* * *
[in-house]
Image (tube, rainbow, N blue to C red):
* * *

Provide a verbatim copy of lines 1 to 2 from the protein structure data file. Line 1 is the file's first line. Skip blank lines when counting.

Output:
[in-house]
Image (tube, rainbow, N blue to C red):